Different studies reveal different opinions on this plant-eating
fish. One study found that carp eat many plants with minimal
effect on native fish (depending on stock rates), but waters
become higher in phosphorus, turbidity, and algae.
Other reports contradict this, stating that carp eat algae and do
not cause murky water. More information is needed, and each state
has different guidelines regarding their legality.
Other biological agents are being tested in several states. Some
weeds in the South have been reduced by using insects, but their
effectiveness is limited. Researchers at the University of
Massachusetts are working on a caterpillar to control Eurasian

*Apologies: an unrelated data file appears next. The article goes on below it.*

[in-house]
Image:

millfoil. Biological controls are not yet available on a wide
scale in most areas.
Many other popular methods of treating pond problems exist:
chemical applications, dredging, harvesting, lake drawdown, dyes,
and screening. Each method has a specific effect on the pond
ecosystem. Integrated pond management looks at watershed and lake
techniques for minimizing nuisance aquatic plants. Water quality
is also a consideration in pond management. The management plan
will probably utilize two, three, or more of the techniques in
this report. One control method is seldom, if ever, the total
Good pond management actually starts with proper construction
techniques. Site selection, the size of the pond, intended use,
subsoil type, and many other factors must be considered before
building a pond.
The Brae Burn Country Club in West Newton, Massachusetts,
recently built a four-acre-foot pond for irrigation and aesthetic
purposes. The golf club has been dependent upon municipal water
for years, and they wanted their own water source. A pond was
proposed, and a professional engineer developed the plan.